• SmilodonsRetreat

            And here it is. If there is one thing that has caused more trouble for biologists, it’s the idea that macroevolution is somehow different than microevolution. It’s not. It’s that simple.

            Behe, Sternberg, and Meyer are not evolutionists. They are creationists. They promote Intelligent Design and Behe and Meyer have both stated that the designer is the JudeoChristian God. That’s creationist.

            You keep goal post shifting. It would be funny if it wasn’t so bloody annoying… and that you think it’s a valid tactic.

            Meyer LIED about what Marshall said. Meyer combined two quotes that are 15 pages apart in Marshall’s paper into one quote. One quote that was disputed by what was said by Marshall in the sentence immediately after the second part of the quote. Look it up, it’s been commented on by several people. If you choose not to believe that Meyer lied, that’s your problem. Believe him if you like, but you will be wrong.

            ID Is not about a mechanism… that’s interesting when you DEMAND that evolution produce a mechanism that does something you claim that it doesn’t do. Talk about hypocrisy. You can’t even name a single point of unambiguous evidence that ID even exists, much less that it does something useful.

            So, let me get this straight. You have no idea what evidence would convince you of something. You just know that the evidence you’ve seen (which, so far, all comes from creationist liars) isn’t compelling.
            You know, Michael Behe got his foot in hot water when the same thing happened to him in the Kitzmiller trial. “No, I haven’t read all those books and paper about the evolution of the immune system, but they don’t answer my question about how the immune system evolved anyway.”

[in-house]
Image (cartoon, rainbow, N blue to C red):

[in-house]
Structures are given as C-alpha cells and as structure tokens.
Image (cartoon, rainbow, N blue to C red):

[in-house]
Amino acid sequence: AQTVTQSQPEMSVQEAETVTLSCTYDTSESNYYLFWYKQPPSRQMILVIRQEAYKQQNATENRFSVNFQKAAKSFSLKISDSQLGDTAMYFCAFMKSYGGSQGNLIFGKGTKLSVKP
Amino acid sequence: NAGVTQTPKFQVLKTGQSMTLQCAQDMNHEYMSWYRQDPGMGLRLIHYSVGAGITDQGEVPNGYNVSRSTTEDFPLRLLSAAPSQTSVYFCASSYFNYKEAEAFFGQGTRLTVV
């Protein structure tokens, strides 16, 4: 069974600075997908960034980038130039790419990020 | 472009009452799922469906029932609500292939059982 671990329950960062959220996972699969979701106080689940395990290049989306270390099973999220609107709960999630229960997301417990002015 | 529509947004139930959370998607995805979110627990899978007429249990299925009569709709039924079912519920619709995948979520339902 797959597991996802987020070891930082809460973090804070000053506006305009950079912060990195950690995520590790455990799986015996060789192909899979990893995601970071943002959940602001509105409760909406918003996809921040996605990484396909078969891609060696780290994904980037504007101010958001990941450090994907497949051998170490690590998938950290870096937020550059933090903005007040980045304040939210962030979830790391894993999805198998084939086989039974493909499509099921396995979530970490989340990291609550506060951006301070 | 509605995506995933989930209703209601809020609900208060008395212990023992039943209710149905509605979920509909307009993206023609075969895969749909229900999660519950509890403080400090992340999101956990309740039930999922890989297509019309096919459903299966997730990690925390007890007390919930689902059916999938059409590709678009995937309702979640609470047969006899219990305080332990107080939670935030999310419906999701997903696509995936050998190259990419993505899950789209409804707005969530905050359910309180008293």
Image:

Typical creationist. Just out to discredit evolution and hope that it means their pet notion is valid. Sadly, it’s worse than that. It’s been almost 20 years since ID was first promoted as ID (previously known for the last 200 as Paley’s Watchmaker). And in that 16 years, nothing has been discovered or done that promotes it. Yet because of the religious implications of ID and the hatred of evolution among fundamentalists (and lack of proper education among most of the US population), ID is still considered a challenger to evolution by a large number of misguided people.

            ID has never been a challenger to evolution. ID never will be a challenger to evolution until ID people actually start making predictions, doing lab work, publishing, and quit hiding their heads in the sand when it comes to mechanisms and the designer itself.

          • Doc Bill

            If ID doesn’t have a mechanism, then ID can’t do anything. Therefore, ID is as useless as discussing how many angels can fit on the head of a pin.

            Zoltar doesn’t like random mutation and natural selection. Fine, nobody cares what Zoltar thinks, likes or doesn’t like.

            Put your hot air to good use, Zoltran and inflate some balloons.

  • Pingback: Mutations Do Create New Abilties | Smilodon's Retreat